that "the supernatural and the miraculous" in the Hebrew history is an excrescence, and a deformity, it seems of no importance that it be carefully eliminated and explained away, and he cannot bring himself to believe that the omission of this element can be material in the view of any class of readers who seek historic truth. Or he reasons, those who choose to supply the missing element of the miraculous can do it for themselves, or can read it between the lines of the purely historical record which he thinks he furnishes, believing "that in the way above limited we may approach the true and unexhausted sense of an historic Revelation. The divine or supernatural element is shown under terrestrial limitations. Events must be seen on their human side to enable us to judge truly of their Divine side. The philosophy of history, rightly apprehended, plays into the hands of the philosophy of Faith."
But if "the philosophy of History" adopted by the writer is exclusive or antagonistic to Faith, then what is to be done? Faith must, of course, yield to the philosophy which he furnishes if she cannot devise a better. If she can devise a better-if she is forced to do this by the starveling results and intolerable incongruities of the solutions and interpretations by which the historian accounts for the facts which he records, then she cannot be satisfied with the history of the Hebrew Men and Times which he professes. She is disappointed and offended by it. It is offensive to her judgments and displeasing to her tastes. She will not accept its guidance for herself and will not trust others to its influence.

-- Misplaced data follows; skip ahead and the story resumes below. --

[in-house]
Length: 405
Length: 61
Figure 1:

We know how difficult it is to make these views intelligible to one who occupies the position of the author of this volume. Having taken his own ground that the supernatural element is irrational, he cannot bring himself to feel that it should be deemed of consequence by any reasonable lover of the truth. We can do little more than frankly say that, in our judgment, the book with all its research and its fine delineations, is a very unsatisfactory and dangerous book. For its unquestioned merits we commend it honestly, and for its serious and fatal defects we condemn it as frankly, and wish for it anything but a general circulation.